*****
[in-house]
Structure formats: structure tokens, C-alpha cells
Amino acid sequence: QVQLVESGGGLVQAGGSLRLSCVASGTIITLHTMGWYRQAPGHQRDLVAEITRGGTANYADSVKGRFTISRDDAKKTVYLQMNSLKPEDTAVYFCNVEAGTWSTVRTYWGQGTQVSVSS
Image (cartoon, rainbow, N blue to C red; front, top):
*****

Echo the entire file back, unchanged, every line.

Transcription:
[in-house]
Structure formats: structure tokens, C-alpha cells
Amino acid sequence: QVQLVESGGGLVQAGGSLRLSCVASGTIITLHTMGWYRQAPGHQRDLVAEITRGGTANYADSVKGRFTISRDDAKKTVYLQMNSLKPEDTAVYFCNVEAGTWSTVRTYWGQGTQVSVSS
Image (cartoon, rainbow, N blue to C red; front, top):